Easy ways to improve your conversation…suggested by Odile Faludi

April 27, 2014 by Odile Faludi
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In February we discussed the power of quality conversation.  No, I don’t mean texting, emailing or Facebooking. I actually mean picking up the phone and starting a conversation with someone who you would like to get to know better. If you missed that article here it is.

Odile Faludi

Odile Faludi

So if you want to ignite a new relationship and are becoming more confident to start conversations with someone new, how can you make yourself the attractor in the conversation? What do I mean by the word ‘attractor’?  Have you ever noticed that some people in a very short time have the capacity to really engage us and to even draw us very close to them?  It is almost like a pulling sensation. They understand the power of communication and communicate well. They put their signals out when they speak – very useful when trying to attract the opposite sex. They are interesting, confident and have boundless energy and are fun to be around.

The biggest attractor by far is simply being ‘happy.’ This is very appealing, let’s face it who wants to hang around someone who is whinging all the time. When someone enjoys life and shares their enthusiasm they often have a keen following. Like the saying, “When you smile the whole world smiles with you.” This applies in face-to-face conversations and over the phone. You can definitely sense if someone is in an upbeat mood and if they are content. Happiness is always sweeter when shared.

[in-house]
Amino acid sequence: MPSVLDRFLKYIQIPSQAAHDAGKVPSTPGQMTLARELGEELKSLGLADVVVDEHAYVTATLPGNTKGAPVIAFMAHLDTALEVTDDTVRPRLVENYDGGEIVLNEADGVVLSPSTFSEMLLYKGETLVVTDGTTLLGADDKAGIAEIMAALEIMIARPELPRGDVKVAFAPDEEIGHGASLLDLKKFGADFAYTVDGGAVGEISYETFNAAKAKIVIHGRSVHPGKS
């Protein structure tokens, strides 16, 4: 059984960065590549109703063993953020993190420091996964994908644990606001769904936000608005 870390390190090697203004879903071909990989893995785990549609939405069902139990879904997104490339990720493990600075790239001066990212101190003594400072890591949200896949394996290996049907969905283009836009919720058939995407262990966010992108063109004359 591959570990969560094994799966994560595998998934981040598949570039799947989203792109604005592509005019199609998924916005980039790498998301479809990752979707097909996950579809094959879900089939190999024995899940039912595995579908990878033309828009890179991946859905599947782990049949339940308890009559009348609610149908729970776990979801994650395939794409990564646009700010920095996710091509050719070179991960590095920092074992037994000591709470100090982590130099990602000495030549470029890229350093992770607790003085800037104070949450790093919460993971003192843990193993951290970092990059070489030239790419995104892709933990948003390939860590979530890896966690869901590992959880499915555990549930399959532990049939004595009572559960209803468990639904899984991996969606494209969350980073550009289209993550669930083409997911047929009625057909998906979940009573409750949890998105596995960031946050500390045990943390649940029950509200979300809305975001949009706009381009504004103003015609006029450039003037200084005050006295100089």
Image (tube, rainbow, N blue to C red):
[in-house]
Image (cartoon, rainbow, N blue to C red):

Rabbi Gourarie sums it up well, “Happiness breaks boundaries. When people are truly happy they loosen up and do things that are beyond the norm. The boundaries that are broken with real joy are the barriers and fences that separate us from each other. The happiness allows us to develop a different perspective on ourselves and other people. We stop judging others by their external behaviour and things they say and do, and we begin to appreciate their inner soul.”

Humour is a great icebreaker in conversation but there are some rules that apply especially when you don’t know someone very well.  It goes without saying that you should never make a joke at the expense of another person, it shows poor character. Never discuss politics or religion until you know which side of the fence they sit on. Bad humour can be a real deal breaker from the onset so tread lightly when trying to be funny. Best to get to know the person much better before becoming the larrikin to avoid upset.

Desire is fuelled by want and in the early stages of a relationship it’s the unfamiliarity which fuels the want. People are born curious and will want to know more about you. It’s those initial conversations over the phone or face-to-face which can either build a relationship or make it fade. Most people are drawn to people who have the ‘attractor traits.’ It’s amazing how far these traits can assist in developing relationships.